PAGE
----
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home birth berkshire

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What do I need to have ready for baby?

Much like the Hospital Bag scenario, it's really difficult to know exactly what you really need to have ready for baby's arrival, and what's surplus to requirements! There are so many things that you will be told that you absolutely MUST have for baby, the latest gadgets and gismos to make life easier. 

Everyone is different and chooses to live their lives differently, and that's what makes life interesting, but I personally believe that the majority of those gadgets and gismos for baby actually just make life more complicated and cluttered. 

Calm Births Hypnobirthing

So what do you actually need? Well a baby needs to be warm, fed, changed, loved and to sleep. Those are the things it actually needs. So with that in mind:

Clothes - well, yes. You'll need lots of vests, babygrows and hats. Depending on the time of year, they might also need a snowsuit to snuggle in for being outside (but this should be removed when they're in their car seat - see some guidelines on that here). It's always difficult to know if baby is warm enough, the best way to tell is to feel their chest or their back, it should just feel the same warmth as you. 

Food - if you're planning to breastfeed you've already got everything you need. If you're going to formula feed then you'll need formula, bottles, teats and a way to sterilise. You can get sucked into gadgetry here but you really don't need to. The easiest way to keep bottles sterile is to buy the traditional sterilising tablets and have a bowl in the kitchen with it in (replaced every 24 hours), and put bottles into it after you've washed them after each use. Then you've always got a sterile bottle ready to go, at the right temperature. If you buy a microwave steriliser, they are great but if you need a bottle NOW (which can happen!!) then it will be too hot straight after use and you'll have to wait for it to cool down. Ever tried explaining to a hungry baby that it needs to wait patiently???!!!!  And I will sound like my Mother now, but room temperature is right for baby as that is how your milk comes if you were breastfeeding. If you ever offer baby warmed milk you're really setting yourself up for trouble - be warned!!!! 

Also in the food category I would say Muslins - you cannot have enough muslins, you'll need one in every room and one in your changing bag. Baby's throw up, often on you when you're out! They also dribble whilst feeding or just after, having a mussy tucked under their chin or to hand to mop up is great. Buy lots of these!!!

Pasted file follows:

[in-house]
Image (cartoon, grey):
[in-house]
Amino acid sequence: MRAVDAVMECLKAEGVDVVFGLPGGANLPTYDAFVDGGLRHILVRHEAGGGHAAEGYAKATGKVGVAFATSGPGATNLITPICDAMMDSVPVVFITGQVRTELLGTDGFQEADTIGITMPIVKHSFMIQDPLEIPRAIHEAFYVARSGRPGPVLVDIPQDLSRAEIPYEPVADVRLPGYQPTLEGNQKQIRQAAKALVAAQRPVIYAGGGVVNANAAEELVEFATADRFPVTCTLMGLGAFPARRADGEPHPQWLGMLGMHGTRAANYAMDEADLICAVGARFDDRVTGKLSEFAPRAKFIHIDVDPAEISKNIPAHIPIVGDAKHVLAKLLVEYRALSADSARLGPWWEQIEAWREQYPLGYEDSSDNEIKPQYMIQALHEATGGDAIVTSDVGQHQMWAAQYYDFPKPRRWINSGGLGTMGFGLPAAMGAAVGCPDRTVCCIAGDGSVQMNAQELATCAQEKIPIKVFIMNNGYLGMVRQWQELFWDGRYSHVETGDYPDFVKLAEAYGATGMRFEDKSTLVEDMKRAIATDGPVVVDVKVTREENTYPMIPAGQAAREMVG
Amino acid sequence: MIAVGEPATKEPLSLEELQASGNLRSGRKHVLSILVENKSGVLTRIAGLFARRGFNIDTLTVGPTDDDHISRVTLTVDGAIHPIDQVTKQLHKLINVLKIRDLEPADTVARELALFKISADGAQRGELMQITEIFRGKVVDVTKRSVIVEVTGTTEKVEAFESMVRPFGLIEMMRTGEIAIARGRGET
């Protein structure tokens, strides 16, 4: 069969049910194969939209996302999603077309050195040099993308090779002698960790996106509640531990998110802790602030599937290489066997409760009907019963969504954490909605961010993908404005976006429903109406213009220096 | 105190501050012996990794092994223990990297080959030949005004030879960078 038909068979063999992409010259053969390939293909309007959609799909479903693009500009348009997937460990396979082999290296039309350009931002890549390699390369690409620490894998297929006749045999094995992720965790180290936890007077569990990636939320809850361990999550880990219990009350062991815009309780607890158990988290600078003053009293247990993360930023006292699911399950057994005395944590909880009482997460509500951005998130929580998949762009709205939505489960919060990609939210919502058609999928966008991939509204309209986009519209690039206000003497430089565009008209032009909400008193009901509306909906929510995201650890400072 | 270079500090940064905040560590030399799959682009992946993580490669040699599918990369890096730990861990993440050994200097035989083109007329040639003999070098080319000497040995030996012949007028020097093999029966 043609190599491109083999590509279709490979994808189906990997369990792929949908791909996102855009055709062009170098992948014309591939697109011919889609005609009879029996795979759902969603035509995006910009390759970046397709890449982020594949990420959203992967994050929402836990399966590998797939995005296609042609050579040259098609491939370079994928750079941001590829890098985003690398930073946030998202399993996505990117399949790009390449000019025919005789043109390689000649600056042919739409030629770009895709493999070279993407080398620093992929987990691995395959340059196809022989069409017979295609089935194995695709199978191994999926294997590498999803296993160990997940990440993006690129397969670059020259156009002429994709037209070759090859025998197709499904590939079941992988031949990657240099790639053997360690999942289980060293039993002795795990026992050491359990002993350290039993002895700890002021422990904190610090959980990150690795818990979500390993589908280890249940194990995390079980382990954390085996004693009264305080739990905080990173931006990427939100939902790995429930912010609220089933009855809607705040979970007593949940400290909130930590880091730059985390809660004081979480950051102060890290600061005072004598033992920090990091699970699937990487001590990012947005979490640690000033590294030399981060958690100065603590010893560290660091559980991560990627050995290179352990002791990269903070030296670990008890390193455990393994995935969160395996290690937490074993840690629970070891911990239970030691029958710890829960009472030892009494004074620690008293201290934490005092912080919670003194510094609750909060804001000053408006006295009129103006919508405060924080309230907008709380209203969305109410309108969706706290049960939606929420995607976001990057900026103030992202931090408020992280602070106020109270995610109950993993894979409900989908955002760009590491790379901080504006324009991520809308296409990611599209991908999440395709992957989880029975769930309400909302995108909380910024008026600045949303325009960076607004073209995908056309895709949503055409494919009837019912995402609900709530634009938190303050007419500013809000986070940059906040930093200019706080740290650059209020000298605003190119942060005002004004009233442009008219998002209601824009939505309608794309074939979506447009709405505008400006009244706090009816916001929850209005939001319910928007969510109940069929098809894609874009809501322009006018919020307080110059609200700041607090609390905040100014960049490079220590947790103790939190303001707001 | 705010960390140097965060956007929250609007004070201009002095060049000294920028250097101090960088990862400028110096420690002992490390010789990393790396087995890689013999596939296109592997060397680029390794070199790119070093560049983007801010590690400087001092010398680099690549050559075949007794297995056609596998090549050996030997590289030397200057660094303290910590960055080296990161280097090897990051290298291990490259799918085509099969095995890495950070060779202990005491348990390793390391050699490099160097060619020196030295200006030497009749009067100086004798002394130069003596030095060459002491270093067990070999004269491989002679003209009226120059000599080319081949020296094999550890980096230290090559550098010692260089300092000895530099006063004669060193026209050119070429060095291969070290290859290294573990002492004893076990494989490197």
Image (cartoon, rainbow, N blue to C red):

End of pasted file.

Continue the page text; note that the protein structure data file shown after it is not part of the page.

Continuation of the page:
Changing - The bag. God people spend £££££'s on changing bags! I've always found that a nice big handbag with lots of pockets is fine, it doesn't have to be an official 'changing bag' to serve it's purpose! 

You'll obviously need nappies (buy shares in these!), some people prefer cloth and some prefer disposable - it's your choice. Warm water and cotton wool is the gentlest way to clean baby's bottom, but this isn't practical when you're out so you will need wipes if you ever want to leave the house. I do strongly suggest buying a tub of vaseline, if you apply this generously to baby's bottom and bits after each nappy change, you will avoid nappy rash - it also means that poo doesn't stick to their skin and comes off easily. You're welcome. 

Sleeping - Again this comes down to choice, but baby is safe to co-sleep with you under usual circumstances, and you cannot spoil a newborn baby. Just because they co-sleep with you for the first couple of months of their lives (or longer), doesn't mean that they'll be 12 and sleeping in your bed. However it is important to be armed with the facts on co-sleeping, and you can find those with the Lullaby Trust. There are lots of options to have baby in your room and very close to you if you prefer not to co-sleep, such as a Moses basket next to your bed.

Calm Births Hypnobirthing Berkshire

Baby will need other things as time goes on, but you will discover what you would like to have for him or her as you go along. You'll want a play mat or something that you can lay baby down on, but you won't need this immediately. 

The first few weeks baby will just need to be close to you - slings are amazing for this, and most (but not all) babies will be happy to just be in the sling with you whilst you are out and about. There are lots of sling libraries popping up now where you can try different types out to see how you like them before you buy one. 

When out and about you'll also want a car seat and a pram - this is pretty overwhelming for most of us, just have a play with things until you find the one that works for you. But please don't fall into the trap of carrying baby around everywhere in the car seat, it's not good for them and it's not good for your back! 

And finally: Love. And I'm pretty sure you've got that covered.

 

 

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Six things to know when considering a home birth.

Picture courtesy of homebirthaustralia.org

Picture courtesy of homebirthaustralia.org